Emmett N is our energy manager, responsible for starting and tending every fire.

Lael and Kiely are food managers, for expedition and base camp respectively. They plan and pack every delicious meal. Some favorites have been cheesy grits, chocolate chip pancakes, and rababu.

Aislyn and Sam are our gear managers. They pack, keep track of, and take care of our many pieces of gear and equipment.

Luke is our navigator, who played an important role in guiding the group along our winding and sometimes unmarked route through New Hampshire and Vermont, using only a map and compass.

Emmett M-F is the kitchen manager, responsible for setting up and overseeing the kitchen area.

Harry is the logistics manager, who coordinates where we stay, handles group money, and keeps us organized and on time.

Sadie is the water manager, scribe, and repairs manager. She collects water for the group during expedition, repairs broken gear, and writes this blog.

As we approached the Green Mountains, each day of biking was filled with challenging terrain, icy swims, and reflections around the fire. We celebrated Jackie’s 30th birthday on September 17th, waking her up with a card, brownies, and a lovely bouquet picked by Laura. Her biggest birthday present was our longest day of biking—over 30 kilometers, mostly uphill! One particular hill led us to the top of the Green Mountains, and involved steadily climbing for nearly an hour straight.

“Today was insane, and I was not expecting anything like it…there was this one uphill that kept going and going. I could not even believe how far this hill went. I pushed myself and got further up the hill than I thought possible…I have definitely come out of bike-packing a stronger person.”

-Emmett Nelson

Our final campsite was near Mt. Tabor, high in the Green Mountains. We drank water from a spring-fed brook, and shared couscous with veggies and flatbread fried over the open fire. The following morning we were rewarded with a long, sweeping downhill to our final destination—Danby, VT, a historical mining town tucked in the mountains. Lillian met us there for an adventure into Morris Cave. We wriggled through tunnels of marble, through pinches so small that our shoulders barely fit. The tunnel eventually opened into a wide cavern, and we found a narrow, ethereally blue lake that seemed to fade into nothingness in the shallow light of our headlamps. Kiely and Luke braved the cold (and possible bat poop) to go for an underground swim!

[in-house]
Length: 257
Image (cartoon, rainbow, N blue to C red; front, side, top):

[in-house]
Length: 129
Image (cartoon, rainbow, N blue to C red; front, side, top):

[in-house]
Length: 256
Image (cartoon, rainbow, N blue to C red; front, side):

Cave slime and smiles

It was a sleepy van ride back to Marlow, where we reunited with the greater Kroka community for burrito night and a skit performance. Over the course of eight days, we learned so much about ourselves and the land around us. We emerged as stronger people, a community bonded by shared adversity and incredible memories.

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The High School group’s expedition began with a day of paddling on the wide Connecticut River, the border between New Hampshire and Vermont. The first night, we camped at Burnap’s Island. We spent a layover day there and advanced our paddling skills. We woke to layers of steam wafting over the calm water and made good breakfasts over open fires; there’s no way we would rather spend our mornings. On the water, we learned how to self-rescue our canoes, and developed the skills required to navigate class II and III rapids.

Packing our boats on the Connecticut River

In our Humans and Nature classes with Misha, we dove deep into hydrological cycle and human impacts on and relationships with water. Our studies included dams and how they change ecosystems, fertilizers and their detrimental effect on topsoil, and sewage treatment plants and their impacts on waterways. We grasped a new understanding of our small and large-scale environmental impacts, all while seeing and experiencing them every day.